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While hiking, or swimming down the river one can notice a plenty of wild animals such as aligators, tucanos, araras and – last but not least: coatis. These cute-looking four-legged coons can be seen almost everywhere, and they are not scared of people at all (contrary to beautiful tucanos which have learnt not the best side of the humanity…). But watch out, they will not only beg you for food, they will simply steal it from you!

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I chose to stay on the Argentinean side simply because it offered more hotel opportunities, but visiting the neighbouring countries is not an issue. However, it is considered quite a dangerous border due to high volume of smugglers. They say that Ciudad del Este in Paraguay has a fame for being quite dodgy, but I would just say that it was the least interesting part of the journey. When on the Brazilian side though, I would say that visiting the Birds Park is a must: there are some wonderful species living under protection and yet not afraid of people. All of the above-listed pictures of araras and tucanos were taken there!

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Both sides offer spectacular views and wet experiences, but I would say that the Argentinian is better-suited for the hike, and Brazilian one: for photo-taking. It is also about broadening your perspective while chasing the waterfalls: either looking over the Garganta del Diablo from the highest highs in Argenting, or experiencing it’s powerful stream in Brazil. Or sticking to the river, following the ‘Waterfalls’ song’s logic: while in Paraguay.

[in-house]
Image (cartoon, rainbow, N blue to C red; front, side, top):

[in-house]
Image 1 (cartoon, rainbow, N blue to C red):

Que bandeira

Music, Personal

“Faz um ano, faz, que eu tenho muita paz
Quase um ano tem, e tudo muito bem
E se eu não voltar, não vá se preocupar
Todo mundo tem direito de mudar

Que bandeira que você deu
Que bandeira, não me entendeu
Caretice tua chorar
De maneira aqui pra brigar (…)”

These lyrics, coming from Marcos Valle’s ‘Que bandeira’ classic tune are one of my all-time favourites. The essence for non-Portuguese speakers boils down to being free to live wherever you want, being the owner of your destiny, choosing your future regardless of your origin.

“(…) Eu não voltei
E eu não voltei porque agora eu sei
Naquele papel eu ia pro pinel
E se alguém disser que eu me desmontei
Sou dono de mim e faço o que quiser

Que bandeira que você deu
Que bandeira, não me entendeu
Caretice tua chorar
Caretice tua brigar (…)”

So it’s been almost one year in Berlin. It’s good to make a retrospective of what I planned to accomplish, and what I actually did. The most important thing is that I feel happy, although the fact is that I am very free to travel and re-visit my beloved places. I have also started gathering my learnings and thoughts on my paralel blog: Berlinering, where I describe my current experiences and soon will publish some sort of essence of my first year in Germany.

‘(…) Sigo te querendo, te cantando, procurando uma desculpa,
Te querendo mais.
Vou te cantando, te querendo, procurando uma desculpa,
Te cantando mais.
Sigo procurando uma desculpa, te querendo, te cantando,
Te querendo mais
Vou procurando uma cantada, te querendo, me desculpe,
Te cantando mais

Tou sabendo de você
Tou sabendo, podes crer!’

I still love the places I lived or been to (like this heavenly beach of Joaquina in Brazil pictured above), but I don’t long for them. I know that if I want to come back, I would, anytime. This is probably why I am so happy here, about the choice and opportunity, and not the necessity. Because everyone should be free to live wherever he/she wants to. I would love this to be valid for everyone, in this crazy world we live in…